Shania Twain may still have been a global star-in-waiting when her second album, The Woman Me, was released on February 7, 1995. But it was the eye-popping success of the record in the US that led to the career explosion of 1997’s Come On Over, and the international launch of the Canadian artist early the following year. Everything that happened from now on was going to be measured in multiples of ten million. The 2020 release of the 25th anniversary Diamond Edition of the 1995 album offers new perspective, and a wealth of unreleased material, from a turning-point record.
A leap of faith
Twain’s first, self-titled album had been released in 1993, to little more than polite response. Produced by Harold Shedd and Norro Wilson, it contained two mid-charting country singles in “What Made You Say That” and “Dance with the One That Brought You,” and one that missed the charts altogether, “You Lay A Whole Lot Of Love On Me.”
But at the end of 1993, six months after they met, the singer married producer-songwriter Robert John “Mutt” Lange. The lesser-spotted studio guru already had a decade and a half of spectacular achievements to his name as producer, and often co-writer, of some of the best-selling albums of all time. His work with AC/DC, Def Leppard and Bryan Adams alone had marked Lange out as one of the hottest names in the business.
Lange and Twain set to work on what was to become The Woman In Me and played demos of their new songs to Mercury Records boss Luke Lewis. All of them made the leap of faith that would seal her future superstardom. The material was undeniably less rooted in country than before, but the crossover potential of these incredibly catchy, hook-laden songs was so strong that no fewer than eight singles came off the record. Some of Nashville’s finest musicians were featured, including mandolin player Sam Bush, pedal steel hero Paul Franklin and guitarist-producer-writer Dann Huff.
“I feel like I’ve lived a couple of lives”
Ahead of the album, January 1995’s “Whose Bed Have Your Boots Been Under?” was the first marker for Twain’s savvy, inventive new country-pop sound. Now aged 29, she had many years as an unknown under her belt, combining a difficult adolescence in a poor, fractured household with under-age singing in local Ontario clubs.
“I really do feel like I’ve lived a couple of lives,” Twain told this writer. “My musical career started when I was eight years old. I was travelling from town to town, doing clubs, getting paid under the table, inhaling all the second-hand smoke you can possibly imagine and dealing with adults.”
They were often harrowing years, but the hard knocks would serve her well. Twain’s instinct for survival was matched by a talent for clever wordplay, one of country music’s key ingredients. That not only made her stand out, it would take her appeal way beyond Nashville and help The Woman In Me to become, at the time, the biggest-selling album by a female artist in country history.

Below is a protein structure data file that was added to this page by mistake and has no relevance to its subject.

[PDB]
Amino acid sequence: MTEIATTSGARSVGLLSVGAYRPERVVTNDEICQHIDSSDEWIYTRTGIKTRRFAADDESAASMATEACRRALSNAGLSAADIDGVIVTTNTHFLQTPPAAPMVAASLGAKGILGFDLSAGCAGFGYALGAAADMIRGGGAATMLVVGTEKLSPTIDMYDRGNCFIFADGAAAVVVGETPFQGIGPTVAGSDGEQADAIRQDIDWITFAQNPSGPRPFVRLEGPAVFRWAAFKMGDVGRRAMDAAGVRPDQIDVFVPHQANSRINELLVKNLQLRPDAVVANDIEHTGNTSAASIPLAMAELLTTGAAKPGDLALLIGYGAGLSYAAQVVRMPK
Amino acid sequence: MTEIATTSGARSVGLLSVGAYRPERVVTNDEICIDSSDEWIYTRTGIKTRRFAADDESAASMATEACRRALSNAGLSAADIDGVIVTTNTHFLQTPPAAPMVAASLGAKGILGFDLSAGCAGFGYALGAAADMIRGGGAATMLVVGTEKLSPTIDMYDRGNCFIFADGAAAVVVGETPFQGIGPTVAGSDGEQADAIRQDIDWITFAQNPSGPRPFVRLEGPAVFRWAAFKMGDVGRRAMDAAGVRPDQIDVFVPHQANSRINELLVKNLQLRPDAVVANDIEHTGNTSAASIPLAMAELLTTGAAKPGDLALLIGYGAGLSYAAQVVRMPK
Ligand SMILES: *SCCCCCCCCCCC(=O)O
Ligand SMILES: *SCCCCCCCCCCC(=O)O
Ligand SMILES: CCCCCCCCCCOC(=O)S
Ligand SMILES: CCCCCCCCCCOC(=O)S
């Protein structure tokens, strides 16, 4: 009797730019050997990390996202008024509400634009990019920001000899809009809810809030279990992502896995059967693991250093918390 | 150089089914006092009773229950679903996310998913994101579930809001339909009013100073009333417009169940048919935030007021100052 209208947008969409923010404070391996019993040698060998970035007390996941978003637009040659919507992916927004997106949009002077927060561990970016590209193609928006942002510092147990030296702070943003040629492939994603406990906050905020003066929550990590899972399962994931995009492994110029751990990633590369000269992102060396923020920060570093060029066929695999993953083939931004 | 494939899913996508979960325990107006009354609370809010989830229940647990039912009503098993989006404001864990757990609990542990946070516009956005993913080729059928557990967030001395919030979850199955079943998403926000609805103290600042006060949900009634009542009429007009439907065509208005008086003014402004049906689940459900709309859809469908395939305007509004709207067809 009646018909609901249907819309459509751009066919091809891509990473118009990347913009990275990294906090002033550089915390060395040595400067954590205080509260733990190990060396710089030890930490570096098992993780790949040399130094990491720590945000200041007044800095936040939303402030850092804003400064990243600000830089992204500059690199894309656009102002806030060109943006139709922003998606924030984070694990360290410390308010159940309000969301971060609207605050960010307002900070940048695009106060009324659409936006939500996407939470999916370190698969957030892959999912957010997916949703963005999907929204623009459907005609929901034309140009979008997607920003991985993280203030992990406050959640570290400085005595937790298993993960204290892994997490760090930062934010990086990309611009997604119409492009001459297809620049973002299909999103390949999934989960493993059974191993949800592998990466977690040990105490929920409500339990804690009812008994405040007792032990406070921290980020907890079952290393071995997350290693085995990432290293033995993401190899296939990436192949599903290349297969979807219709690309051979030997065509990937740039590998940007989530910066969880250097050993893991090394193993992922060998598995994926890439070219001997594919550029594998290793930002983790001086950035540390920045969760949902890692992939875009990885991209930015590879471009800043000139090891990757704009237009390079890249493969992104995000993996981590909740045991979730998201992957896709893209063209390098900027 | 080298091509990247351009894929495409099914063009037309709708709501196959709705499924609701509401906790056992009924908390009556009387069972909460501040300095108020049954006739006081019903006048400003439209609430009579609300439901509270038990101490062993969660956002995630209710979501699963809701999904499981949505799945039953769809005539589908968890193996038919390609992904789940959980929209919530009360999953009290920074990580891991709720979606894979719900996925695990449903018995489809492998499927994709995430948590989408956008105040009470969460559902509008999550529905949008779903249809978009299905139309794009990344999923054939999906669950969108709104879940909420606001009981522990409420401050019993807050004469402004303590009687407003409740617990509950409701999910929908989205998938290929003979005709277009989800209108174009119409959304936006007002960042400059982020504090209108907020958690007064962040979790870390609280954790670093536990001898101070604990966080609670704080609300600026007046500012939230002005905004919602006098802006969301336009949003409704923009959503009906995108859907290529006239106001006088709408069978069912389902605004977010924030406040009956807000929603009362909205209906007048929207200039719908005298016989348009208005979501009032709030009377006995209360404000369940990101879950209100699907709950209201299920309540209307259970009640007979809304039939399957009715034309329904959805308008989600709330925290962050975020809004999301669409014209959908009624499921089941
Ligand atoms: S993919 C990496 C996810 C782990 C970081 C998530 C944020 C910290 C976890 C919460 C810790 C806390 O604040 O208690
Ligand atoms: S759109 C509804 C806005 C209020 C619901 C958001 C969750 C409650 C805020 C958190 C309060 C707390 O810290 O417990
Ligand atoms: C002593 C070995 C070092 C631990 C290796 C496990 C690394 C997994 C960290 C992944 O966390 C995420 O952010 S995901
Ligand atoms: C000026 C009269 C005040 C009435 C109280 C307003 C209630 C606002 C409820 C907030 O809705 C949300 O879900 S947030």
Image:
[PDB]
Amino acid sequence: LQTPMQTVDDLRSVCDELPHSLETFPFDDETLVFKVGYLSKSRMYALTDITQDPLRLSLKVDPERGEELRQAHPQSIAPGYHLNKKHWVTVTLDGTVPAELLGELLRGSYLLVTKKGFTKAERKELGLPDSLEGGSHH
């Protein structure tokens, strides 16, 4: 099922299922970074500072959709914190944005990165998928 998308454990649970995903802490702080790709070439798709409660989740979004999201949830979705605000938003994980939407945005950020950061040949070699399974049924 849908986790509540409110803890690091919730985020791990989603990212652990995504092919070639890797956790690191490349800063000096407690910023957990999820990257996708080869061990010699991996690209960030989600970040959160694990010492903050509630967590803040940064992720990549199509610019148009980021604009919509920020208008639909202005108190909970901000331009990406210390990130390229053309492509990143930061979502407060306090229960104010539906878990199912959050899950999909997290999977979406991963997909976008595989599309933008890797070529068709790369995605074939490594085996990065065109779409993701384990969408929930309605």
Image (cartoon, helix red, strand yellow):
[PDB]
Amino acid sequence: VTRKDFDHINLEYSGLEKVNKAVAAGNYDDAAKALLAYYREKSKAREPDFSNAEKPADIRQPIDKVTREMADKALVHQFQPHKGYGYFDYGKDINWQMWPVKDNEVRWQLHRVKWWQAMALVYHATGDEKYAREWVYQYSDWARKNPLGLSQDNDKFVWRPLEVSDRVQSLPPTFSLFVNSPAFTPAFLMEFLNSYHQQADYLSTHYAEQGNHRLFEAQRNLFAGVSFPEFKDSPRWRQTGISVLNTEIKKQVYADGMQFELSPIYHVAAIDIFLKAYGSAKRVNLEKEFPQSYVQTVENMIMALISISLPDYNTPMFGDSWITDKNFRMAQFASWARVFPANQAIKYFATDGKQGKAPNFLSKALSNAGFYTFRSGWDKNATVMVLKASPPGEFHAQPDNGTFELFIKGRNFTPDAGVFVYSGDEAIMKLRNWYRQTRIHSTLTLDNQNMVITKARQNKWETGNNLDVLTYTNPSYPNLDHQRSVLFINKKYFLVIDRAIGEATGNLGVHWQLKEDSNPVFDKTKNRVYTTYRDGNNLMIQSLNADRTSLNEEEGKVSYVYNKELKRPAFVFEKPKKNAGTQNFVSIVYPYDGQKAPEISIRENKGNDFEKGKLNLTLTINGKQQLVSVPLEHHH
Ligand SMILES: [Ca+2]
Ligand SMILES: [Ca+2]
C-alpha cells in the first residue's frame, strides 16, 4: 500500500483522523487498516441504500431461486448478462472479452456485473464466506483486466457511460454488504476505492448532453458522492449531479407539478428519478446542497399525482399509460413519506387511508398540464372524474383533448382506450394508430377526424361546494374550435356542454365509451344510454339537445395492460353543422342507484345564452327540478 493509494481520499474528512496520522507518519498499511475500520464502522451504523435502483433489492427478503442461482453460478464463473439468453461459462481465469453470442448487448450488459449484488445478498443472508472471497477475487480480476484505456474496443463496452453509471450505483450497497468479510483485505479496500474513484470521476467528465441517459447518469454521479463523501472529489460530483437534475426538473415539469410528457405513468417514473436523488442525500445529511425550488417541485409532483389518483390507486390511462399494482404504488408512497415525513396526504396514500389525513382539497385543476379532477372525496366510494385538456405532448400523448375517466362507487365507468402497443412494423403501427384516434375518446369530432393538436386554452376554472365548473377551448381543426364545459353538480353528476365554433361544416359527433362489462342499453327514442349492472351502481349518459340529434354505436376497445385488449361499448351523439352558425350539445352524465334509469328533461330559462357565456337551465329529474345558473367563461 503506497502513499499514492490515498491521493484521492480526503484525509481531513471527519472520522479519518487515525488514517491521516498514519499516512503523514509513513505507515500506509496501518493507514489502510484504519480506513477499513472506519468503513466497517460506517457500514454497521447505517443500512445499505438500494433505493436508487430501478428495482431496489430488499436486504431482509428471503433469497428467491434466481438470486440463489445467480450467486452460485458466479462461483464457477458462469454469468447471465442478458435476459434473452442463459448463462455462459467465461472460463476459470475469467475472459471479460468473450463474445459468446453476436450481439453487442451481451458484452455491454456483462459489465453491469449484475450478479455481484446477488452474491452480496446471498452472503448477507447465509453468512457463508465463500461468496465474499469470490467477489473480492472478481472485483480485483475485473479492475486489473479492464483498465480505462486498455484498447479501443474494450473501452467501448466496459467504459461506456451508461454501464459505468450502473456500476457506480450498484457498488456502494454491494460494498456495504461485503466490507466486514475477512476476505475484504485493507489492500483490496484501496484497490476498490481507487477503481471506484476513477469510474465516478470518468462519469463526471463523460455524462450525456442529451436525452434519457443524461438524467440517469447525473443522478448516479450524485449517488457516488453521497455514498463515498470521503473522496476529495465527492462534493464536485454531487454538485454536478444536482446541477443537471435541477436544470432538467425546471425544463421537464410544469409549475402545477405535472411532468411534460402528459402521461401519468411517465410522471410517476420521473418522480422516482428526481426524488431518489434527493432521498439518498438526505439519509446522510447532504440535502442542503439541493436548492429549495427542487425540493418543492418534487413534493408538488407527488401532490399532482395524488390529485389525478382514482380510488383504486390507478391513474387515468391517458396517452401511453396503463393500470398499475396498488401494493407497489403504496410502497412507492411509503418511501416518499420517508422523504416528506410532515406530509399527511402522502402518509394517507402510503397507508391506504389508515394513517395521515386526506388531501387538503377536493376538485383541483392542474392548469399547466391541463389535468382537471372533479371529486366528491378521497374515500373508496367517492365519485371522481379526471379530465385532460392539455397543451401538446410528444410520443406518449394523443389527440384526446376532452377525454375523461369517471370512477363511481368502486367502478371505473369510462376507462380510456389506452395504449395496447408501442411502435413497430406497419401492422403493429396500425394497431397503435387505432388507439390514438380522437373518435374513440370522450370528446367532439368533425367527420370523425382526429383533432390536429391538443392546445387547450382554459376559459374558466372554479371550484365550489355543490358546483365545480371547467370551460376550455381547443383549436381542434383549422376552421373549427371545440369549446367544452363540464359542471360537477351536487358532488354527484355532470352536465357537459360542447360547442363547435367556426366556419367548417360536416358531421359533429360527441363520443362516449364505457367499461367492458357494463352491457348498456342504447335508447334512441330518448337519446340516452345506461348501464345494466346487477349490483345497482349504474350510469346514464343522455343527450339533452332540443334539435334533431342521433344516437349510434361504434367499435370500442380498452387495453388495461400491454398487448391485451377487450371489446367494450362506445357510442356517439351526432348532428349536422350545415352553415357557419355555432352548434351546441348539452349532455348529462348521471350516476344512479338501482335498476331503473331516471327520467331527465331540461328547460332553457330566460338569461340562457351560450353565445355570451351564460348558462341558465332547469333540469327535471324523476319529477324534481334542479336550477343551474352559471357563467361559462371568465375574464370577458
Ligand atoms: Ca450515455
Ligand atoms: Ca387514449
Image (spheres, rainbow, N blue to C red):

“The whole point is to entertain people”
Twain was en route to a role she hadn’t necessarily aspired to, as the epitome of the modern, empowered woman – one who could stand her ground with a clever combination of sex appeal, wholesome charm and, crucially, humor. “The image she has concocted is a careful balancing act,” Jon Pareles would later write in The New York Times. “She’s assertive and [very inexplicitly] sexual, but she makes it clear that she’s a one-man woman, loyal above all.”
Twain’s approach was, essentially, to keep things light and accessible. “The whole point behind songwriting for me is to entertain people,” she said. “I’m not trying to lay heavy loads on people when they’re listening. I try to make things conversational, and it’s not that easy. It’s easier to rhyme and make things sound poetic.”
If “Whose Bed…” was conversational, The Woman In Me’s second single, “Any Man Of Mine,” was irresistible, giving Shania her first country airplay No.1 and cracking the Top 40 of the Hot 100. No fewer than three further country chart-toppers would follow: “(If You’re Not In It For Love) I’m Outta Here!,” “You Win My Love” and “No One Needs To Know.”
“I never want to be underestimated”
By the end of 1995, The Woman In Me stood at four million US sales; in November 1997, it hit the hallowed diamond certification for ten million, and by 2000, it was at 12 million. Thanks to her subsequent global fame and the retrospective sales it encouraged, the worldwide figure was 20 million.
Twain’s new status as the down-to-earth star next door was emphasized as The Woman In Me ruled the country scene later in 1995. She told Nashville Weekly: “I’m the kind of person who likes to get my hands dirty. I like to work hard. We just planted 5,000 trees on my property, and I’m the first one out there with a shovel. I love to work. I like to labour. I love chopping wood and planting trees. I’m not sure people know that about me.
“I really am a northern girl, a woodsy type,” she continued. “ I can ride a motorbike and four-wheel. I can drive a bus and I can drive a truck. I love being a woman…but I never want to be underestimated.”